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The new EU Battery Directive will soon enter into force

This year the European Parliamant announced the new EU Battery Directive. This new directive will definitively enter into effect at the 17th of August, 20 days after its publication in the EU Official Journal. The current EU Battery Directive will then lapse. The new directive will entail new obligations.

What will the directive mean for you?

Producers and importers will soon need to satisfy a high number of new rules and obligations. We have summarised the most important of these.

Important: the regulation distinguishes five types of batteries. Not all types are subject to the same obligations. The infographic of our Belgian colleagues from Bebat shows the different obligations for the five categories of batteries.


1. Sustainability and safety requirements

Many of the new regulations surround sustainability and safety. You will need to inform consumers about a number of matters. For instance, you will soon have to:

  • calculate the carbon footprint across the full life cycle of a battery;
  • provide information on the performance and sustainability parameters of a battery;
  • provide information on how consumers should use, dispose of and replace batteries;
  • indicate the amounts of recycled lead, cobalt, nickel or lithium in a battery.

2. Labelling and information requirements

The labelling of and information about the batteries will also differ from previously. For instance, you will have to:

  • assign a QR code, identification number and/or serial number to a battery and provide it with a physical label stating the manufacturing date and the date on which the battery entered the market;
  • maintain a battery management system with data on the parameters.

3. Conformity assessment

To be able to assess the conformity of batteries, you will soon need to indicate the conformity of a battery and place a CE marking on the battery.

4. Due diligence obligations

You will soon also need to satisfy due diligence obligations. These concern supply chains, environmental concerns, human rights, safety and health.

5. Battery passport

You will have to assign each battery a battery passport that states the name of the battery producer, the composition of the battery, the carbon footprint, the battery operation and its expected longevity.

6. Registration

You will soon have to register as a producer so that a competent authority can check whether you are following the requirements for managing discarded batteries.

7. Extended producer responsibility (EPR)

More extensive rules for producers and importers who are the first to bring the batteries to the market will be set. Through a network of drop-off points, producers must finance and organise aspects including the separated collection and processing of discarded batteries.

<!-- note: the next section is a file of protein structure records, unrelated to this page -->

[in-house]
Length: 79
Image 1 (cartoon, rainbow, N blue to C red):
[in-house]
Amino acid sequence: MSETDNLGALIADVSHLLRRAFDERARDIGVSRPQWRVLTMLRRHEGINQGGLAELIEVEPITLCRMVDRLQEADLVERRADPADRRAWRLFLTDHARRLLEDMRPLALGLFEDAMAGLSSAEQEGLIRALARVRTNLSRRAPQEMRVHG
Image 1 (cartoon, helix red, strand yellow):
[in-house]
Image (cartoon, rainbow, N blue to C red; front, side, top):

8. Reuse and recycling

Finally, the new directive will also set out a number of reuse and recycling regulations. For instance, you will have to:

  • reclaim a minimum level of materials for end-of-life batteries;
  • satisfy the minimum recycling efficiency level (expressed in average weight).

All in all, the new directive will result in quite a few new rules and regulations for you. Would you like to know what each regulation exactly entails and means for you? Then consult this extensive document created by our Belgian colleagues at Bebat. In this document, you can read everything about the new directive and about what it exactly means for you. Would you rather see a quick and complete overview? Then take a look at this handy infographic created by Bebat.

Does the directive apply to all batteries?

The directive distinguishes five types of batteries. The same obligations do not apply to all types. In this infographic from our Belgian colleagues, you can see the various obligations for each of the five battery categories.

When will the new directive enter into force?

Some of the obligations will enter into force at the 17th of  august 2023, 20 days after the publication of the directive, while others will only enter into force later on. An overview of the exact dates is displayed in the infographic.

Why has the EU drafted this new directive?

The new EU Battery Directive stems from the EU Green Deal and the EU circular economy action plan. With this new directive, the European Commission aims to:

  • achieve harmonised EU product norms for batteries;
  • establish a well functioning market for secondary resources;
  • reduce the negative environmental effects of batteries.

Do you have any questions?

You can find answers to the most frequently asked questions in the infographic and document created by Bebat. Do you still have questions about the directive and your obligations after reading these? Then we’d be happy to help you. You can contact Harm Noorman by email at [email protected].

Download dossier (Bebat)

Download infographic (Bebat)